Women are, on average, less tolerant of risk in their financial decisions but not because men and women think about investment risk differently. Rather, researchers find, income uncertainty affects men and women differently.
The gender gap is a concern because investors with low levels of risk tolerance might have greater difficulty reaching their financial goals and building adequate retirement wealth because they are unlikely to invest in stocks.
“Simply telling women to be more risk tolerant is ineffective.”
“Risk tolerance is one of the most important factors that contributes to wealth accumulation and retirement,” says Rui Yao, an associate professor of personal financial planning in the University of Missouri College of Health and Environmental Sciences. “It is important to understand what causes women to be less risk tolerant so that financial planners can better serve their needs as women, on average, live longer than men and often need more retirement savings.”
For her study, Yao examined data from the Survey of Consumer Finances. The survey takes place every three years with support from the Federal Reserve and the US Department of the Treasury. By analyzing data from nearly 2,250 unmarried American individuals, Yao found that women are more likely to have uncertain incomes from year to year. Life events such as childbirth, child care, and care-giving often contribute to women’s income uncertainty.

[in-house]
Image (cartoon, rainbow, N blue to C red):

Yao also found that, on average, women had lower net worth than men. This may have resulted, in part, from women keeping funds in accounts with low returns to buffer the risk of negative income shocks.
One-quarter of women and one-fifth of men in the sample reported using a financial planner for saving and investment decisions, but the advice given to women may not be in their best interest. Yao suggests that financial planners need to understand the differences in income uncertainty and net worth between men and women and the way in which these differences relate to risk tolerance.
“Simply telling women to be more risk tolerant is ineffective,” Yao says. “In fact, it might encourage women to take more financial risks than they can tolerate, which could lead to more problems in the future. The difference in investment advice received by men and women requires further investigation, particularly given the new fiduciary standards for financial advisors.”
Yao’s advice to women is to plan for income uncertainty by creating a financial strategy that fits their needs. For example, when anticipating child-rearing or care-giving periods in the near future, women can and should be more conservative in their investing. When those periods are coming to an end, women should work with their financial planners to make riskier investments.
The study appears in the Journal of Economic Psychology. Patti J. Fisher, associate professor at Virginia Tech, is a coauthor.
Source: University of Missouri